I can’t comprehend carrying a child for the better part of a year, only to lose her from complications in the days after her birth. I know many of you have experienced such loss, and are among those who have lived first hand through one of the 43 percent of child deaths that occur during a baby’s first month of life. More than a third of those deaths happen on the first day — which translates to more than 1 million babies each year.
Carolyn Miles, president and CEO of Save the Children says, “If we really want to drive down the number of child deaths overall, we have to move that newborn number faster.”
It is statistically more dangerous to be a woman or a child in the Democratic Republic of Congo than it is to be an armed fighter in that country. Coming in as the second worst place in the world to be a mother, it is only slightly safer than Somalia, ranked last in this year’s State of the World’s Mothers report from Save the Children.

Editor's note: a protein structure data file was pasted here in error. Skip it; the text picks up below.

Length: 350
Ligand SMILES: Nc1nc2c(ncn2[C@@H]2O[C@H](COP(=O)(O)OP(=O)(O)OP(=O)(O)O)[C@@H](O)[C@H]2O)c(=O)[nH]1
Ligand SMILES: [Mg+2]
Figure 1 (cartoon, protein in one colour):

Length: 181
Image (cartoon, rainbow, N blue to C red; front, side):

Reporter Alexandra Sifferlin on Time.com highlights key facts from the report: one particularly sobering note is that the United States, once in the top 10 back in 2000, is now number 30 on the list of the best places to be a mother.
According to TIME, “Miles says the interventions that are going to be most effective are not high-tech and do not require cutting-edge hospitals or doctors to administer them. “Some of the success stories are in some of the poorest countries,” says Miles. “Look at places like Nepal, where they are really driving down those newborn deaths. That is a country with pretty simple interventions.”
Clean razor blades and antibiotic creams for umbilical cord care, steroid injections to build up a baby’s lungs if the mother is in pre-term labor, resuscitation devices and training to help babies breathe and antibiotics to fight infection and pneumonia in newborns — all these are key interventions we have the know-how to deliver around the world.
The State of the World’s Mothers report gives a roadmap to implementing those solutions so that every mother has the chance to take her baby home, happy and healthy, and safely in her arms. As it should be for all of us.